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Feelings of Autonomy Within Developmental Stages as Moderated by Gender

Feelings of Autonomy Within Developmental Stages as Moderated by Gender

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Published by Cy-cy Layawan
Psychology Thesis
Psychology Thesis

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Categories:Types, School Work
Published by: Cy-cy Layawan on Jun 25, 2013
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Feelings of Autonomy Within Developmental Stages as Moderated byGender  A Paper in Advanced Research
 
 As one grows older, his need and well being are generally met. Being a given, becauseof a wide age gap, parents reported more feelings of autonomy than their children. Thisis backed up by researches that there is indeed change in the psychological wellbeingof adolescents as they advance into adulthood (Fleming, 2005). But what about thefeelings of autonomy in adolescents and young adults particularly highschool students,college students, and single young adults? Perhaps there is a change in thepsychological wellbeing between this stages in life. The Self- Determination Theorydiscusses the essentials for well being and is used as the core theory for this research.Self Determination Theory defines intrinsic and varied extrinsic sources of motivationand describes the roles that intrinsic and extrinsic motivation in cognitive and socialdevelopment and in individual differences(www.selfdeterminationtheory.org).Needsspecify innate psychological nutriments that are essential for ongoing psychologicalgrowth, integrity, and well-being. (Deci & Ryan, 2000). According to SDT, well-beingand healthy personality development depend on the fulfillment of three basicpsychological needs: autonomy, relatedness, and competence. (Meyer, 2007). ). Duringadolescence autonomy development typically accelerates because of rapid physicaland cognitive changes, expanding social relationships, and additional rights andresponsibilities.Like competence and relatedness, feelings of autonomy is essential for the optimalfunctioning in a big range of varied cultures. For this paper, the researcher will focus onautonomy.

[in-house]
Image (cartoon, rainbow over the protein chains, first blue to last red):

Autonomous motivation according to Deci and Ryan (2008) “comprises both
 
intrinsic motivation and the types of extrinsic motivation in which people have identified
with an activity’s value and ideally will have integrated into their own sense of self”.
Thus when a person is autonomously motivated, he experiences volition or self-endorsement of his actions, compared to controlled motivation. When people areautonomously motivated, they tend to perform better and are more effective. (Deci &Ryan, 2008). Further research in autonomy has divided it into 3 constructs: cognitiveautonomy, emotional autonomy, and behavioral autonomy. Behavioral autonomy is the
capacity to act for one’s self . Emotional autonomy is the ability to feel for one’s self.Cognitive autonomy involves one’s ability to think for one’s self (Beckert, 2005).
 Psychological autonomy is a crucial individual difference and developmentalachievement, according to self-determination theory (SDT; Deci & Ryan, 1985, 1991,2000).
 According to Sheldon, “Autonomy seems a worthy construct to employ in order to assess the maturity and quality of personality functioning.” (Sheldon,2006)
. Autonomyis concerned with the experience of integration and freedom, and is essential in thefunction of a healthy human being. Compared to the controlled motivation, theautonomy orientation has been positively related to psychological health and effectivebehavioral outcomes. (Deci & Ryan, 2000).Theories in developmental psychology has addressed autonomy as an important issuein the development of a person. Erikson (1968) believed the primary psychosocial taskof adolescence is the identity formation and thus this d
evelopmental conflict “Identity
versus role
confusion”. The factors that contribute to one’s identity are cognitive skills

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